After the competition was through, we had the option to do Time Only runs. This was an extra $15, and let us just go out and post times that didn’t actually apply to our season score. For me it meant extra seat time, so I jumped on the opportunity. Fortunately after having floundered around on the course during my first session, I was able to get a handle on my car.
On one of my last runs, I managed to post a 45.685 which was my best time of the day. Of course I wasn’t recording that run, I had slapped my GoPro onto my friends Corvette. But I did manage to get my second best run, with a time of 47.144. Watching the videos back to back, I can see my improvement. I think if I had another couple of runs I would have been able to crack the low 40s, or maybe even 39 seconds. Annoyingly, I was still the slowest car in the Time Only runs, despite my improvement. I managed to cut about 5 seconds off my worst time of the day.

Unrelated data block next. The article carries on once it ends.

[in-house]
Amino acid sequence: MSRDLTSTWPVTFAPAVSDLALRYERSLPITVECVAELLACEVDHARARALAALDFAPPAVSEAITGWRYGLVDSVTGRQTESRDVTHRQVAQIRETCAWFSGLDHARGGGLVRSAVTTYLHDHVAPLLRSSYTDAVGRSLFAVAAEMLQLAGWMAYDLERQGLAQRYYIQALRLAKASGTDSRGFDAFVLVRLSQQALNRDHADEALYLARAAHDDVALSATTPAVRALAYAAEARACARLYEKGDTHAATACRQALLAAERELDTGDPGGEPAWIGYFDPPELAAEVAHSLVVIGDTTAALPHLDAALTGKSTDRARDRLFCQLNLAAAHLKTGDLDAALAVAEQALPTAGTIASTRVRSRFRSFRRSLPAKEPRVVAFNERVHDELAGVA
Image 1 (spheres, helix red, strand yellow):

You’d think that it would have been frustrating to have been so slow and come in dead last, but the reality is I still had a blast. Autocrossing isn’t like anything I’ve experienced before. Until this event my racing experience has been limited to Karting. When you’re out Karting, there is a definitive way to measure yourself against your opponents. You are either passing, or being passed. But when you go Autocrossing, you are just racing against your own time. It takes a lot of the stress and frustration out of being new to the sport. It gives you seat time that you might not otherwise get, and most importantly you have the ability to make the most out of it. I learned quite a bit about how my car is setup, things I can do to improve personally, and met a lot of helpful people in a single day. I knew I was going to have some fun, but I think it’s safe to say I’m hooked. I’m going to continue building the E30 with Autocrossing and Road Racing in mind, and maybe someday I’ll be able to embarrass Corvettes instead of myself.